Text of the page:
Waranga News

Pancakes 2


Pancakes 2 image

Hey Kids! In this edition of the Waranga News we continuing our look at a delicious and easy to cook food – pancakes!

Pancakes prepared using a north Indian cooking style are known as cheela. Sweet cheela are made using sugar or jaggery with a wheat flour-based batter. North Indian salty pancakes are made using batter prepared from gram flour or green gram paste (moong daal) and are sometimes garnished with paneer, a cottage-style cheese.

Dosa, appam, neer dosa and uttapam are pancakes made in a south Indian cooking style. They are prepared by fermenting rice batter and split-skinned urad bean (black lentil) blended with water. Meetha pooda – sweet pancakes often eaten with pickles and chutney – are a common breakfast food item in the Punjab. In Western India, the multi-grain thalipeeth is popular. In Goa, a traditional crêpe-like pancake known as alebele or alle belle is eaten at tea-time. It is usually filled with jaggery and coconut.

In Eastern India, malpuas are sometimes prepared in the form of pancakes.

Indonesian pancakes are called panekuk. The Indonesian pancake serabi is made from rice flour and coconut milk. The dish is often served with kinca, a thick, brown-coloured coconut sugar syrup. Other toppings may include sugar, ground peanuts, sliced bananas, jackfruit and chocolate. Other variations include cheese, corned beef, shredded chicken and sausage.

In Japan, okonomiyaki are made from flour, egg, cabbage and a choice of ingredients. Oyaki are pancakes often stuffed with eggplant. Dorayaki are a sort of sandwich made from Western-style pancakes and panko bread crumbs. Sweet crepes are also very popular.

In Korea, pancakes may be served during all times of the day as side dishes or just snacks.

In the Philippines, traditional dessert pancakes include salukara, a rice pancake made from glutinous rice, eggs and coconut milk. The batter is placed in a clay pot lined with banana leaves or greased with oil and is baked over hot coals. Traditional savoury pancakes in the Philippines (including omelettes) are generally known under the term torta. They include tortang talong (eggplant omelette), pudpod (smoked fish flake pancakes), and okoy (a pancake made of batterd prawns, pumpkin, or sweet potatoes).

In Belarus, Russia and Ukraine, pancakes may be a breakfast food, appetiser, main course, or dessert.

Blini (Russian: блины) and mlynci (Ukrainian: млинцi) are thin pancakes, somewhat thicker than crêpes, made from wheat or buckwheat flour, butter, eggs and milk, with yeast added to the batter. Blini / mlynci cooking dates back to pagan traditions and feasts, which are reflected in today’s “pancake week” celebrated in the winter before the Great Lent. In pre-Christian times, blini and mlynci were symbolically considered by early Slavic peoples as a symbol of the sun, due to their round form.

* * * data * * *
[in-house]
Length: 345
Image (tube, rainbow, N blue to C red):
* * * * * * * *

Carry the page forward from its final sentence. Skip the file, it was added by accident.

Æbleskiver are traditional Danish pancakes made in a distinctive spherical shape. (The name literally means “apple slices” in Danish, although apples are not an ingredient. Æbleskiver are not sweet themselves but are traditionally served dipped in raspberry, strawberry, lingonberry or blackberry jam and sprinkled with icing sugar.

Crêpes, popular in France, Belgium, Switzerland and Portugal are made from flour, milk and eggs. They are thin pancakes and are served with a sweet (fruit, ice cream, jam, chocolate spread) or savoury filling (cheese, ham, seafood, spinach). Crepes are often sold in special stands. In Italy they are called crespelle or scrippelle. In Brittany, a galette (or galette bretonne) is a large thin pancake made of buckwheat flour, often cooked on one side only.

German pancakes are known as Pfannkuchen (from the German Pfanne and Kuchen meaning “pan” and “cake”) They are generally thicker than French-style crêpes and usually served with sweet or, occasionally, savoury fillings. English pancakes have three key ingredients: plain flour, eggs, and milk, though Gervase Markham’s 1615 version in The English Huswife used water instead of milk and added sweet spices. The batter is runny and forms a thin layer on the bottom of the frying pan when the pan is tilted. It may form some bubbles during cooking, which results in a pale pancake with dark spots where the bubbles were, but the pancake does not rise. They may be eaten as a sweet dessert with the traditional topping of lemon juice and sugar, drizzled with golden syrup, or wrapped around savoury stuffings and eaten as a main course.

Greek pancakes are called tiganites and are popular across Greece and Cyprus. They are slightly thicker than crêpes and can be sweet or savoury. Their main ingredients are flour, olive oil or butter, milk and eggs. They are usually drizzled with honey and cinnamon and sometimes topped with cheese, nuts, fruits or vegetables.

Related Articles: